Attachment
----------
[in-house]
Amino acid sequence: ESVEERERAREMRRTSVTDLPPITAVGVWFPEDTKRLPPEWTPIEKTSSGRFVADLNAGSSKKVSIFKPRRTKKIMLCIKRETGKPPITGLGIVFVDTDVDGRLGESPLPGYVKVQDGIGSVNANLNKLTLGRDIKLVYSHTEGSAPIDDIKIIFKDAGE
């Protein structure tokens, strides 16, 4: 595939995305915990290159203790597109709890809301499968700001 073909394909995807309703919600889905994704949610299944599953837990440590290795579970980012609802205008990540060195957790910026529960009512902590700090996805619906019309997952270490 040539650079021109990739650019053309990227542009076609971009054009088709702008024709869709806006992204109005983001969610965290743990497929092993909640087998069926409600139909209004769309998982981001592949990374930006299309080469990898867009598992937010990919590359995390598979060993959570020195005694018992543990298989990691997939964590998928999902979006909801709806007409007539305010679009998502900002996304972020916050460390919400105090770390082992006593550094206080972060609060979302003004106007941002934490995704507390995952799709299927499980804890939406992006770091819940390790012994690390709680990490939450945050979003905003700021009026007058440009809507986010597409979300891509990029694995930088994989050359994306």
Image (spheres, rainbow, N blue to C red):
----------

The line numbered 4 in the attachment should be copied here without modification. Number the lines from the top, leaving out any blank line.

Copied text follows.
Image (spheres, rainbow, N blue to C red):